"In the U.S., we're in Phase I, where enterprises want to know the business value of WAP," he explains. He expects that the education and awareness-raising process will continue through most of 2000. Europe, he notes, has already moved into Phase II. "In Europe, hundreds of companies are piloting systems," he says. In Phase III, partnerships between ISVs, platform vendors, and WAP providers will result in the shipment of WAP technology with applications. Again, expect to see Phase III come to fruition in Europe first, followed by the U.S.

Europeans take the lead in mobile communications due to the fact that carriers in Europe established network coverage ahead of their counterparts in the U.S.; today, they're looking to add features to their network offerings. In the U.S., by contrast, carriers such as AT&T and Sprint are still establishing a mobile network footprint and haven't aggressively gone down the network features trail, which includes wireless Internet.

Additionally, the fact that most of Europe uses a single commercial network called GSM for mobile telephony, whereas the U.S. has a hodge-podge of networks technologies for wireless--CDMA, GSM, and TDMA--has enabled more rapid development of mobile wireless abroad. That's not to say that U.S. carriers (such as AT&T, Sprint, and Verizon Wireless) aren't getting their feet wet with WAP and wireless Internet, because they are. In fact, according to Gartner's Redman, WAP services are being offered, and users can visit hundreds of WAP sites.

He expects that by year-end, 70% of mobile telephones will have a WAP browser and enable access to these wireless Internet services. Most new cellular telephones from vendors such as Ericsson, Motorola Inc., Nokia, and Qualcomm, to name several, offer WAP browsers that are v.1.1 compatible. Product availability and shipments in the U.S. vary. "This year, the biggest limitation to wireless Internet will be the availability of WAP-enabled devices," says John Maxwell Hobbs, head of creative development at Ericsson's CyberLab in New York. Shipments and product availability is expected to improve later this year.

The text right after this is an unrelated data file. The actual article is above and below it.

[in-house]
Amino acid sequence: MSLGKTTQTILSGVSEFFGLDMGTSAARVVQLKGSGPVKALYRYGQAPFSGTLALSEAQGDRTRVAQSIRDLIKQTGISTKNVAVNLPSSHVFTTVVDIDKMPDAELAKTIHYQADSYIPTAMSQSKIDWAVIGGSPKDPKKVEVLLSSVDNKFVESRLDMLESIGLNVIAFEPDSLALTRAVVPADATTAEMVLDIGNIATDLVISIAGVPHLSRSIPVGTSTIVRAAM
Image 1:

According to Gartner, more than one billion mobile devices will be used in 2003. In less than two years, almost all new mobile devices sold are expected to be Web-enabled.

Making the business case

Although the first target for WAP products and services is the consumer marketplace, the enterprise market is viewed as the bigger prize by industry players. "That's where we'll see WAP take off in a bigger way," says MacDonald. WAP, he points out, will allow companies to give employees access to the same information that's available to them in the wired world--the rich repositories of information sitting on corporate intranets.

In an industry that seems to move faster than the speed of light it seems like only yesterday that the mobile computer industry was singing the same praises of mobility only the gear was different--a notebook computer and modem. Are laptops headed to the dust bin? Not quite, says Redman. "Mobile professionals and salespeople, for example, will still carry laptops but they don't provide real-time information," he says. "It's much easier to pull out a telephone or other small wireless device and more beneficial to get information in real-time," he adds.

The missing piece in making the business case for wireless Internet is compelling content. Weather reports and astrological readings are slim pickings for road warriors. Industry analysts contend that a killer application for wireless will be messaging. "Email is mission critical at most companies," says Redman, bypassing and is bypassing voice communications in importance. Messaging and message management add great value to wireless Internet and play to the strengths of mobility.

Many vendors are making investments in WAP today. Oracle Corp., for example, is trying to crack to enterprise wireless market. "We're trying to provide that killer enterprise mobile portal," says Yacob Christfort, CTO and vice president for product development at OracleMobile. The company's goal is to extend server applications and data to mobile devices regardless of network connectivity.

To make wireless Internet a reality, you need WML, a WAP server, and a gateway to access applications. A number of vendors are offering servers and gateways, and companies such as Nokia and Ericsson offer training courses for WAP developers.

Today, there's no such thing as shrink-wrapped WAP applications, so enterprises looking to jump-start wireless Internet application development will have to serve up and integrate their own applications. MacDonald, estimates that companies can expect to pay somewhere between $500-$1,000 to develop homegrown WAP applications today.

Adding more overhead to the IT infrastructure is never an easy proposition for corporate decision makers. So, whether businesses jump on the WAP bandwagon today or tomorrow, it's most important that they become educated about wireless Internet. Then, and only then, will companies understand where this latest mobile technology will add the most value.